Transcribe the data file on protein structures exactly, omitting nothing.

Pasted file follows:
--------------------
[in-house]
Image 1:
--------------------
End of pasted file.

[in-house]
Image 1: